This site is where deaf and blind Helen Keller was born and learned to communicate, with the aid of her teacher and constant companion, Anne Sullivan. By age 10, Helen had mastered Braille as well as the manual alphabet and even learned to use the typewriter. By the time she was 16, Helen could speak well enough to go to preparatory school and to college. In 1904 she was graduated "cum laude" from Radcliffe College.
Tours of the house are offered daily, while playwright William Gibson's epic drama, "The Miracle Worker" is performed on the grounds on weekends from early June through mid July.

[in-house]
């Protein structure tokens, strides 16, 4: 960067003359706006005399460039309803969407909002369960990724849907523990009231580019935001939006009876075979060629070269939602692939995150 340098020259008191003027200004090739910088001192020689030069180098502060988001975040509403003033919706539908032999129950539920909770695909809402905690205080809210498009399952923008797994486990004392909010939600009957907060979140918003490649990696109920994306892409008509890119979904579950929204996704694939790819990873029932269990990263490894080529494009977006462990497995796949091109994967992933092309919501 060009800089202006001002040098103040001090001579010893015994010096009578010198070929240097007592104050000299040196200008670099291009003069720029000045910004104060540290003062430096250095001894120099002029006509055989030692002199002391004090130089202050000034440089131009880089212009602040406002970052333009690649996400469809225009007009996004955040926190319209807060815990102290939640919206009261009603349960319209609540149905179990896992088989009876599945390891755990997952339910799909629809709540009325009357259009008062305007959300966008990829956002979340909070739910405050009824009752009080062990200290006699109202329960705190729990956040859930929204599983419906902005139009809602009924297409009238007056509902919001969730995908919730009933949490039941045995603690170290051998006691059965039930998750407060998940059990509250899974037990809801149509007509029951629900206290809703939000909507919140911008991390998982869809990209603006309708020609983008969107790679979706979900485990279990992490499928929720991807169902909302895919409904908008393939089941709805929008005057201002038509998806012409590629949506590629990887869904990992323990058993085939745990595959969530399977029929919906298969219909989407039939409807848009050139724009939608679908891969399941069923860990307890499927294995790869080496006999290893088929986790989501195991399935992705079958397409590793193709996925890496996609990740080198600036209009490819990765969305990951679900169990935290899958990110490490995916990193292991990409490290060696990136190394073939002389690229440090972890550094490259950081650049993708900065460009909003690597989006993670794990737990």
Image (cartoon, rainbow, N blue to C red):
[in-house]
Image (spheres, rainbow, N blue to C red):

The Story of My Life, first published in 1903, is Helen Keller's autobiography detailing her early life.
Backstory and Context
Helen Keller would eventually become one of the most influential Americans, working to increase awareness of issues related to blindness and other disabilities. She was also a strong advocate of social and economic equality and delivered lectures in more than 25 countries on topics related to a number of social causes. Many of these causes, such as her support for birth control, women's suffrage, and socialism, were unpopular at the time (and/or remain controversial). Read more about her efforts in "The Radical Lives of Helen Keller" from NYU Press by clicking on the link below.